Second mistake – I went straight to the Thai Embassy for opening at 8:30 – and as it was a Monday I ended up getting ticket number about 350. Altogether, it took me around 2 and a half hours of being sat around mostly listening to foreigners about their Visa trip company run so far. Having paid a small fortune for their packaged trip, they had the privilege of being served first, but they also had to wait for ages. Forget it visa-runners, if you wanna do the trip, do it yourself and you’ll save lots of cash and enjoy the freedom of eating and drinking where and whatever you wish – even though you may make a couple of blunders along the way like me! Big Tip: Don’t bother getting to the embassy on time, arrive half an hour before the closing time of 11am when there are hardly any people left.

After the embassy, I took a tuk-tuk into Vientiane at about 40Baht and stayed at a guest house recommended by my buddie here in Suphanburi. The guest house was fine enough mind you, but it was pretty far from the river, a kilometer and a half walk. So, if you fancy being near farang eateries and the bars etc… better you find a place to stay near the fountain area.

There are a few things I love about Vietiane, but tops just has to be the awesome views of the sunset from the banks of the Maekhong River while having a having a Beer Lao and a coupla snacks – absolutely mandatory for anyone on their first trip. Second up perhaps, is the French bread – contrary to popular thought, French bread is a traditional breakfast for many of the locals. As for me, the bread with cheese spread has been a must-eat on ever occasion I been to Laos. Third up is the national female dress. Pop down the river for the sunset, and you can admire the local Lao ladies having a drink after work wearing their sarong (and high-heels#@!). A type of dress which got booted out of Thai tradition during the cultural transitions of the 1930/40s. Even the schoolgirls keep to wearing sarongs – altogether a pretty difference from the so-called Westernization of Thai outfits.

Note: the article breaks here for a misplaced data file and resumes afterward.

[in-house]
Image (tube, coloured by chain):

Before you know it, your Thai visa will be ready in a jiffy – next afternoon to be precise. Not being so daft this time, I got to the embassy well after opening hours and received my passport back in literally 2 minutes. Having done the trip on my own and not with a visa tour, I had plenty in my wallet left over for another fun day in the capital. Unlike the package tourists who get hauled back to Thailand as soon as they collect their visas.

After a memorable coupla days in Vientiane it was time to head home. And it was very simple indeed. I just walked to the Talat Sao (Morning Market) and hired my own songthaew to take me to the border for a more than reasonable 100baht. There are direct Vientiane – Nong Khai buses which do the trip for slightly less, but they drop you off at the bus station. But I had thought sod to the bus and opted for the train instead. Going on your own like this, you also get the chance to wander around duty free where you can pick up bargain-priced imported French wines and premium whiskeys for your Thai friends and family.

Arriving on the Thai side, you once again get approached by tuk-tuk offering you a pricey ride; be adamant that 20baht is enough to get you to the train station and you’ll soon be pointed to a shared songthaew. I had no bother whatsoever getting a train ticket back (to Ayutthaya for connection to Suphanburi). Even if you gotta wait around a bit waiting for the train, there are a few restaurants just opposite dishing up eatable munchies where you can hang around till your train leaves. I had such a fine time altogether that I’m tempted to go back to Vientiane as soon as I can. Do the Vientiane visa trip on your own, don’t rush it, and it can certainly turn into an enjoyable mini vacation.